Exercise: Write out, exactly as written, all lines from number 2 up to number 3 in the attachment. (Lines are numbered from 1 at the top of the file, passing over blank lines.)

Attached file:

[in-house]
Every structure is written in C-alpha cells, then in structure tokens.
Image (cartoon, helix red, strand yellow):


Every structure is written in C-alpha cells, then in structure tokens.
Image (cartoon, helix red, strand yellow):